Junior Rotax saw the Netherlands’ Kasper Schormans (#240) taking commanding victories in both the Pre-Final and Final to secure his place on the grid for 2023, winning the opening race by 7.335 seconds from Mika Van De Pavert (#286 – NED), with Belgium’s Mateja Radenkovic (#296) in third. Pre-Final pole sitter Beau Lowette (#224 - BEL) would fight hard, but could only muster fourth in the race, ahead of Krit Knooren (#272 – NED) and Great Britain’s Max Cuthbert (#234 – JJ Racing), who made great progress to finish sixth having started 15th.

The Final saw Schormans win after 16 laps by 3.934 seconds from Radenkovic in the Final, after a multi-kart incident eliminated rival Lowette at turn two, which also saw Mads Larsen (#202 – DEN) and Timo Jungling (#265 – GBR) also retiring on the very same lap.
Knooren would also get a scare by being launched into the air, but he would fight back to finish on the final step of the podium, beating Van De Pavert to the line by just under a second, with Hungary’s Armand Hamilton taking fifth. The top ten was rounded out by Tino Sidler (#210 -SUI), Luka Scelles (#204 – FRA), Olivier Jonckers (#212 – BEL), Thomas Ingram-Hill (#227 – GBR) and Cuthbert.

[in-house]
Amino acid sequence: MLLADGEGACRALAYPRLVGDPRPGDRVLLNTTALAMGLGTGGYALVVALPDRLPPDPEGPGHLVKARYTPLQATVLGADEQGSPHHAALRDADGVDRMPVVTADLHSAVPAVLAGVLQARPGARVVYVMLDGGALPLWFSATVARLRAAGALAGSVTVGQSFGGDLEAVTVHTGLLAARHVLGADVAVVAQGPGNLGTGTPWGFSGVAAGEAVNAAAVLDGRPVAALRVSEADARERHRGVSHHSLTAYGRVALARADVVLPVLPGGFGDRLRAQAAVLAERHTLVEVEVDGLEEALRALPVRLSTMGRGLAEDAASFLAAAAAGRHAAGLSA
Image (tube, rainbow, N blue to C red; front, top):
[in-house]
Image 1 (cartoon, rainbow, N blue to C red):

The defending Senior Rotax Champion, Kaï Rillaerts (#374 – BEL), showcased that despite changing teams to Kraft Motorsport, he was simply unbeatable on home soil, winning both Pre-Final and Final races of the event. It would also be a Kraft 1-2 in both races, courtesy of Scotland’s Lewis Glibert (#316), who would make sure that his rivals were aware that he will be in the fight for the title this year. France’s Nolan Lemaray (#314) would take third in the Pre-Final, but would be just outside the podium for the Final, with Heats leader Tommie Van Der Struijs coming back with a strong performance, after struggling in the Pre-Final to finish outside the top 15. Germany’s Austin Lee (#372) would also be in clear contention for the win, having showcased good speed all weekend, taking fourth in the Pre-Final, but retired on the spot off turn two in an incident during the first set of exchanges in the Final. Hungary’s Zsombor Kovacs (#324) was fifth in the Pre-Final, but he would also be caught up on the opening lap incident in the Final, but would make progress back to take 21st after 18 laps. In the Pre-Final, Marius Rose (#308 – DEN), Jayden Thein (#380 – NED), Devyan Roest (#345 – NED), Dion Van Werven (#377 – NED) and France’s Paul Fourquemin (#313) completed the top ten.